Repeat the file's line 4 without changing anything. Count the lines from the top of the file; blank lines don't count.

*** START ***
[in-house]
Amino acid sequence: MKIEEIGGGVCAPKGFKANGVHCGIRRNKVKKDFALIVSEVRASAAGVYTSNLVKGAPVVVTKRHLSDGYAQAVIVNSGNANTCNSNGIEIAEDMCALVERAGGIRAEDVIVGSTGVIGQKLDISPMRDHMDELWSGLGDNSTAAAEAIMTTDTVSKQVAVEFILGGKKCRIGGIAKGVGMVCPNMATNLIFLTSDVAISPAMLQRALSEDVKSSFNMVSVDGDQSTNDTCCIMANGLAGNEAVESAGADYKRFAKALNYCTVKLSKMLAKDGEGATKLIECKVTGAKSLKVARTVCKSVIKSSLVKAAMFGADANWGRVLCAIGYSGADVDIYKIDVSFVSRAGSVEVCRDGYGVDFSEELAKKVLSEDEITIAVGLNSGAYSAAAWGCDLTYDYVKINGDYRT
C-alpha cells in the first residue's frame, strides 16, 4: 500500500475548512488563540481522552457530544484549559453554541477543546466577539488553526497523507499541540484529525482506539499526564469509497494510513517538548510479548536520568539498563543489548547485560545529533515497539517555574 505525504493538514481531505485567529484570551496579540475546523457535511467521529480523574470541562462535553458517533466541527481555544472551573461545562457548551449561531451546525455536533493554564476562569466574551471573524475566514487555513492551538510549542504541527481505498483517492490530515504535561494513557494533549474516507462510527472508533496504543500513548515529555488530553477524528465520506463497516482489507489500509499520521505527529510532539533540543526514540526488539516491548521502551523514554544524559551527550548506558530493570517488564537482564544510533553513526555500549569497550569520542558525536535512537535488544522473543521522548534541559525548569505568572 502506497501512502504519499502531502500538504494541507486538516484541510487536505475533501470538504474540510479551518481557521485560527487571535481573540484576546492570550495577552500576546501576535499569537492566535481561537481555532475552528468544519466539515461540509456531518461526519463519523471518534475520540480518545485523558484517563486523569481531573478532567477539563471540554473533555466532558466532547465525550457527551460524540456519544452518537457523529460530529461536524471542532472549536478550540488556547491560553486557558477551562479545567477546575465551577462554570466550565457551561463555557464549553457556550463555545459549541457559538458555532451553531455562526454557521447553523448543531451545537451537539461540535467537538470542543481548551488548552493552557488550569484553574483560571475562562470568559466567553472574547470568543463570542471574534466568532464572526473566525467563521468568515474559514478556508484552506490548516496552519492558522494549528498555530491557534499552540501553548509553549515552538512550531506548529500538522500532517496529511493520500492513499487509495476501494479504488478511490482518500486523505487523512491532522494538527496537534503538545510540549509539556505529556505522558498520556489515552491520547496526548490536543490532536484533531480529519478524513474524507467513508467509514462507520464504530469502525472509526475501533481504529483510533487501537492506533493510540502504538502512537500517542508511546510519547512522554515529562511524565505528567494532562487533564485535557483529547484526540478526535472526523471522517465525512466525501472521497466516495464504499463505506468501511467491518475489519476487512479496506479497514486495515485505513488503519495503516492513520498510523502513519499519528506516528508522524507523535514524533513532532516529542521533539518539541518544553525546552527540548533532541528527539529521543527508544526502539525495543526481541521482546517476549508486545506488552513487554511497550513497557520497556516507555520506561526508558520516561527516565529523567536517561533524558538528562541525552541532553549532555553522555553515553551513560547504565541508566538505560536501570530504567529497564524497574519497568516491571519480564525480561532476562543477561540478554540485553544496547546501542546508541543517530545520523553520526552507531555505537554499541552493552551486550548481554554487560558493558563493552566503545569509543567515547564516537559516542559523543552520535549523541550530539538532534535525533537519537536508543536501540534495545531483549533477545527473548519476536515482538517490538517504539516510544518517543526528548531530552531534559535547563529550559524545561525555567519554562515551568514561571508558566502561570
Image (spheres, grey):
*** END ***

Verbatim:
Image (spheres, grey):